Supreme Court Upholds Arizona Immigration Checks (For Now)
The US Supreme Court has upheld the most controversial provisions of Arizona's immigration law.
The US Supreme Court has upheld the most controversial provisions of Arizona’s immigration law. Or, as the NYT headline puts it, “High Court Rejects Part of Arizona Immigration Law.” WaPo, running the same two paragraph AP story, titles it “Supreme Court strikes down key provisions, but not all, of Arizona immigration law.”
The Supreme Court has struck down key provisions of Arizona’s crackdown on immigrants.
But the court said Monday that one part of the law requiring police to check the status of someone they suspect is not in the United States legally could go forward. Even there, though, the justices said the provision could be subject to additional legal challenges.
The decision has just been handed down and neither the syllabus, the opinions, or extensive analysis is yet available. But the key takeaway seems to be that SCOTUS has both struck down parts of Arizona’s law while upholding the part that we’ve been debating for the past couple of years.
I gather from Lyle Denniston that Scalia, Thomas, and Alito are dissenting in part as they would have upheld the entire bill. Kagan recused herself because she was Solicitor General when the case was brought.
UPDATE: The opinions are out and Kevin Russell has an initial analysis at SCOTUSblog.
Here is a rundown on the Court’s ruling with respect to each relevant challenge:
1. Police Checks. Section 2(B) of the law requires the police to check the immigration status of persons whom they detain before releasing them. It also allows the police to stop and detain anyone suspected of being an undocumented immigrant. The Court held that the lower courts were wrong to prevent this provision from going into effect while its lawfulness is being litigated. It was not sufficiently clear that the provision would be held preempted, the Court held. The Court took pains to point out that the law, on its face, prohibits stops based on race or national origin and provides that the stops must be conducted consistent with federal immigration and civil rights laws. However, it held open that the provision could eventually be invalidated after trial.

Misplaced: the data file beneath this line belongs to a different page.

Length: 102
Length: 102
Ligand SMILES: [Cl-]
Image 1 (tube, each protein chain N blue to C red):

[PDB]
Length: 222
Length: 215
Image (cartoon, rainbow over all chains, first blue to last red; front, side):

2. State Law Crime of Being In The Country Illegally. Although federal law already makes it illegal for someone to be in the country without proper authorization, Section 3 of the Arizona statute also makes it a state crime, subject to additional fines and possible imprisonment. The Court held that this provision was preempted and cannot be enforced. The Court held that Congress has left no room for states to regulate in this field, even to implement the federal prohibition.
3. Ban on Working In The State. Section 5(C) of the statute also makes it a state crime for undocumented immigrants from applying for a job or working in the state. It is also held preempted as imposing an obstacle to the federal regulatory system. Because Congress obviously chose not make working in the country without proper authorization a federal crime, states cannot enact additional criminal penalties Congress decided not to impose.
4. Warrantless Arrest Of Individuals Believed To Have Committed A Deportable Crime. Section 6 of the statute authorizes state law enforcement officials to arrest without a warrant any individual otherwise lawfully in the country, if law enforcement officials have probable cause to believe the individual has committed a deportable offense. The Court held that this provision is preempted. Whether and when to arrest someone for being unlawfully in the country is a question solely for the federal government.
So, again, the provision of the law that got the most attention has been upheld, at least tentatively. The parts of the law that most were unaware of fell on Supremacy Clause grounds.
I’ll be interested in reading Scalia’s dissent to see if I find it persuasive but the strikedowns here strike me as perfectly consistent with the role of states in our system. Immigration policy is rather obviously a foreign policy issue delegated to the Congress.
On the face of it, I’m also inclined to agree that the 2(B) provision is constitutional. As I wrote at the time it came out, I find it outrageous from a public policy standpoint and don’t see how it can be enforced without violating the Equal Protection Clause of the 14th Amendment. But the bill’s framers shrewdly put in language forbidding discriminatory action by police.
I gather that the caveat here is pretty huge: The Court reserves the right to invalidate 2(B) if, once an actual case in controversy arises, it becomes clear that the enforcement is, as a practical matter, discriminatory against people who “look foreign.”
UPDATE 2: YahooNews has titled their report “Supreme Court upholds key part of Arizona immigration law, strikes down rest,” which strikes me as more relevant to the public debate surrounding the law. But I’ve updated my headline for this post from “Supreme Court Upholds Arizona Immigration Law” to the more accurate “Supreme Court Upholds Arizona Immigration Checks (For Now).”